Volvo Cars suffers steep fall in profit margins

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Volvo Cars suffers steep fall in profit margins


Volvo Cars suffered a steep fall in profit margins last year as the global trade war that forced the company’s Chinese owners Geely to postpone a planned flotation also hit the Swedish group’s earnings.

Sales rose 21 per cent to SKr252.7bn ($28bn), but operating profits increased only 0.9 per cent to SKr14.2bn. Margins, the amount revenue from sales exceeds costs, fell to 5.6 per cent in 2018 compared with 6.7 per cent previously.

The fall in operating margins puts pressure on Volvo’s strategy to catch the profitability of premium rivals such as Germany’s Daimler and BMW. They enjoy operating profit margins of about 8 per cent.

Håkan Samuelsson, chief executive, said: “Revenue growth and sales in 2018 were healthy, but profitability was affected by external factors such as tariffs and increasing price competition in several markets.”

“This result is in line with our expectations, but does not totally live up to our longer-term ambitions.”

Volvo’s results come amid a torrent of profit downgrades across the industry, with Daimler on Wednesday warning that 2019 would be “adversely affected”, while Toyota downgraded expectations for its 12-month profits to March by 21 per cent.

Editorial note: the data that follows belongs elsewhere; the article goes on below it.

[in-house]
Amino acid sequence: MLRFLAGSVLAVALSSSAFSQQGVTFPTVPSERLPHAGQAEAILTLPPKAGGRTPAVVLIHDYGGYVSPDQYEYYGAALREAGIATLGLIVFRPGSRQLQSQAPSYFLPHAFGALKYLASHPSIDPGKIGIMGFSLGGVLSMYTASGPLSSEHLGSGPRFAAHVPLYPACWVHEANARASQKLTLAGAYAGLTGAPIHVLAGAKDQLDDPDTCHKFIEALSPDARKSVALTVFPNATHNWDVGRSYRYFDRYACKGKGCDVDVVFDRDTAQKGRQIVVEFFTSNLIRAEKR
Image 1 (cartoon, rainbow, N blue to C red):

Fiat Chrysler and Jaguar Land Rover will announce results on Thursday, and are expected to echo warnings about the outlook for the sector.

Volvo’s annual profits are still a record for the company, and follow a strong final quarter when operating profits rose 25 per cent to SKr4.5bn, with margins of 6.2 per cent, up from 5.9 per cent in the same quarter a year earlier.

Sales in the fourth quarter rose 7.3 per cent to 169,700 vehicles, leading to a 20 per cent rise in revenues to SKr73bn.

Last year Volvo’s owner Geely put a planned initial public offering of the carmaker’s shares on ice over concerns that the global trade war would hit the long-term value of the business.

Volvo recently opened a plant in South Carolina that it plans to use for global exports of the S60 saloon, but the company has warned it may be forced to re-purpose the facility if the US imposes tariffs on imported cars, particularly from China where it builds some of its vehicles.

“For 2019, we see another year of volume growth as we continue to benefit from our strong product programme and increased capacity,” said Mr Samuelsson. “But we have to be realistic and acknowledge that margins will remain under continued pressure.”



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